Distribution of ballots: who are these people?

Shelly Arsneault

What is the difference between state comptroller and state treasurer? What does the insurance commissioner do? Shelly Arsneault, a professor of political science and public affairs at Cal State Fullerton, recently broke down the California ballot by explaining what each position does and why voting for them is essential. More information can also be found at ca.gov.

“California’s executive branch is more than the governor,” Arsneault said. “That’s why it’s sometimes so complicated. We are used to the federal system where the president appoints. But in California, we elect all these others.

“In some cases, even the lieutenant governor (he takes over if the governor has to leave office) may belong to a different political party. It doesn’t happen often, but it does happen. On the ballot, voters will vote not only for the governor but for seven other members of the executive. Additionally, there are four members of the Equalization Board but voters will only vote for one, depending on the district in which they live.

The governor

“The supreme executive power of this state is vested in the governor,” Arsneault explained. “The governor will see that the law is faithfully carried out.

“The state of the state address is important because it gets him talking about what’s going on,” Arsenault said. “He sets his agenda but cannot engage in politics. This is where the power of persuasion comes into play as he tries to come up with policies he would like to see adopted.

California has a “Professional Legislature”, which means members have no other “day jobs”. The governor has the power to recall members out of session but this rarely happens since these elected officials meet regularly.

The governor also has the power to veto legislation, both general and by section, which means he can literally strike out a line like “I’m going to pass this, but we’re not spending that much money.” money for it”.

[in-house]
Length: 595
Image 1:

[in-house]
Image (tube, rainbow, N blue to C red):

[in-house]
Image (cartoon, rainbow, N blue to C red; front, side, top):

The state budget is presented to the governor each January and is signed by July 1, although this deadline is not always met.

The governor is also making multiple appointments that include administration officials, board and commission members, serving unexpired terms for the courts and open seats in the U.S. Senate. (This happened when Kamala Harris was chosen as Vice President. It created a cascading event when Harris’ Senate seat went to Alex Padilla who in turn opened his position as Secretary of State to Shirley Weber.)

The governor can also serve as commander-in-chief of the California National Guard and can commute prison sentences (this doesn’t happen often, and governors rarely go against parole board recommendations).

Lieutenant Governor

In this role, after the incumbent governor, the lieutenant governor serves as the president of the state senate and may be called upon to play a decisive role. Lieutenant Governor Eleni Kounalakis became the first woman to sign law in California in April (Newsom was out of town). California has never had a female governor.

The Lieutenant Governor also sits on numerous boards and commissions, rotates chairs of the State Lands Commission (dealing with issues such as offshore oil drilling, lands, etc.), and chairs the California Commission for economic development, among other responsibilities. .

Attorney General

The Attorney General is often considered the second most important leader. They often run for governor (and don’t always have to do what the governor wants). To serve, they must have been a lawyer (and pass the California bar exam) for at least five years.

The functions of this office include overseeing the Department of Justice, representing the interests of the state in court cases, providing legal advice to state officials and agencies, and maintaining oversight of state prosecutors. the state and law enforcement.

Some of the more recent trends in this position include the use of the office for consumer and environmental protection and the pursuit of the federal government.